According to the General Confederation of Portuguese Workers (ConfederaA§A.o Geral de Trabalhadores Portugueses, CGTP), whose affiliated unions have greater influence on manufacturing, bonus schemes can have negative effects in several respects, for example. B by increasing workers` dependence on the employer; they increase working time and reduce occupational safety and health; they reduce social security contributions; and they can threaten the rights of the mother and parents. The CGTP maintains that bonus systems should be regulated through collective bargaining in order to avoid their negative effects. Objective parameters for performance evaluation should be available, while the employee should have the right to disagree with the evaluation carried out. Regardless of the agreement between the worker and the employer, workers are entitled to leave of at least 10 consecutive working days. Portugal has a national minimum wage that is normally increased every year in January. In the past, it has generally increased in line with expected inflation, but under an agreement reached in 2006 under the tripartite CPCS, it was agreed that it would increase more rapidly between 2007 and 2011. However, in January 2011, it increased by only 2.1% due to the Portuguese financial crisis, compared to 5.6% or 5.7% in the previous three years, and it was not increased at all in 2012. The “survival time” of the collective agreement (i.e. the period during which the collective agreement will remain in force after a possible termination), the ceiling of which was 18 months, can now be increased to an additional 4 months by a specific arbitration procedure that must be requested by one of the parties (this modification depends on the entry into force of the legislation governing the case). This decline in sectoral negotiations was not offset by growth in negotiations at the company level. Indeed, these figures have also decreased. In 2010, there were 64 operating contracts for 33,300 employees.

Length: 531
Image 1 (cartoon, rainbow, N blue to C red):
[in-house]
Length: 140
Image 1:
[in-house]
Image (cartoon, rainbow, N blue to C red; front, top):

This fell to 55 agreements with 24,100 in 2011 and 40 agreements with 9,900 employees in 2012. The same trend is to be seen for agreements that involve several companies, but not an entire industry. These have increased from 25 employing 64,500 people in 2010 to 22 with 52,700 in 2011 and 9 with 26,600 employees in 2012. Portugal`s minimum wage is calculated on the basis of a monthly flat rate. The national minimum wage in Portugal in 2018 is €580 per month (based on 14 payments per year). For certain professions and professions, the minimum wage may be agreed by collective agreements, which could not, however, provide for an amount lower than the minimum wage set by the government. The new rules published at the end of October 2012 state that agreements can only be renewed beyond the signatory parties if at least one trade union and one employers` organisation so request and that the signatory employers` organisations must employ more than half of all workers in the sector concerned4. The past is the most important element of Portuguese collective bargaining….